McDonald’s and Meltdowns: The Fragility of the Mind πŸ§ 

My choices matter β€” and there are paths towards making wiser ones β€” but I cannot choose what I choose. 

Sam Harris

Today was a real wake-up call that my brain is on the brink. It was the first time I truly realised that “me”, my mind and body are totally separate entities. And yet, they are physiologically bound and tethered, inextricably dependent on the other to function. If one goes down, like a ship and its captain, they all go down with it. Saying I’m overwhelmed right now feels like an understatement. But after a terrifying sequence of anxiety-fuelled events, I now know that if don’t take a step back from everything, I’ll be engulfed – I’ll disappear into the void. My mind, like the ocean, is capable of swallowing me up and only spitting me out when it wills it. There’s no motive behind it, only cells firing away. I’m just collateral damage.

Upon this horrifying epiphany, I was unsure of how to process and deal with certain things without going to that place again. Or, worse still, being completely consumed by my seemingly fragile mind. All I know is that I can’t keep pretending I’m okay. Despite having a face for radio, my body is up against a horde of uncaged chemicals, and in this battle against life’s challenges, they seem to be winning.

Perhaps it’s evolutionary? A fight or flight response, readying my body for action. Unlike a sabretooth tiger gatecrashing my cave, however, trying to fight this contemporary war the same way is aimless. They say that knowledge is power, though, which is why I’m currently lying in bed (deliberately avoiding sleep at all costs) trying to understand how my neocortex (me) can triumph over the premade compositions within my head.

We simply do not have conscious access to the neurophysiological processes that underlie our choices.

Tom Clark

Whenever I hear someone telling another person to “just relax” I want to smack them with a wet fish. Because when it comes to anxiety, depression or any type of psychological instability, no matter how hard we try, we cannot simply “will” ourselves to feel better. If we could “think” ourselves out of cognitive decline then this situation wouldn’t even arise! This is something I’ve learned about the brain, whilst desperately keeping my eyes open with metaphorical sticks – we don’t choose our makeup, and more often than not, we act on compulsion. In my case, I had no desire to have a meltdown. What happened as a result of feeling overwhelmed was absolutely involuntary. In fact, if it were up to me, I’d never want to experience it ever again. But, it isn’t that easy. And I knew this, which is why, after calming down somewhat, I decided to gobble some McDonald’s chips, as a means of comfort. This action was desired and, therefore, voluntary.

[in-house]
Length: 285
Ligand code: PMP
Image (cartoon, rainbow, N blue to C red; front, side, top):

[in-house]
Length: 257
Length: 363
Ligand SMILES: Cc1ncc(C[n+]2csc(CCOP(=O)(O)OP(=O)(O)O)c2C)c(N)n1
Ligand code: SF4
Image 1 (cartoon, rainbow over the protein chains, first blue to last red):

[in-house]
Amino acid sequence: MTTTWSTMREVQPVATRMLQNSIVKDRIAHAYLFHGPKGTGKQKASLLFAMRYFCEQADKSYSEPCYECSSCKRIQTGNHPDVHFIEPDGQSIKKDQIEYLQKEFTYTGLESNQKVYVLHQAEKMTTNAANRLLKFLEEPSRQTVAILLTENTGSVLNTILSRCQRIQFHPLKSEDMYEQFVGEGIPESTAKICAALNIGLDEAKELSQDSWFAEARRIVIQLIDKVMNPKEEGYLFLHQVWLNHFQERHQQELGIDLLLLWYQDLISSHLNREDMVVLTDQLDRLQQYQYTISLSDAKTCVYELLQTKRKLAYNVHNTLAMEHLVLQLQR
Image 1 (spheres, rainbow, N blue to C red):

Choices appear to be key in unlocking our mental prison. Every exchange makes a difference because it allows for new neural patterns to be paved. I may not be able to control how my brain was built to react to things, but if I become more aware of how it functions (and why it dysfunctions) I may be able to channel a beneficial outlet that really relaxes me and rebuilds my strength. The more competent I become, the more free I will feel and the more ready I’ll be to face the world again.

I may only be at the beginning of this difficult voyage and still have much to understand (and will probably have a hell of a lot more wobbles along the way), but I know that being productive is vital, having good conversation matters, and keeping in mind the goal of fulfilment will make the journey easier to navigate.

Key in ignition, I’m hoping my Headspace app will begin the driving force for change. If I find anything else helpful, I’ll share it with you. By all means, if you also know of any helpful techniques or websites, I’m all ears.

Wish my neurocortex luck.

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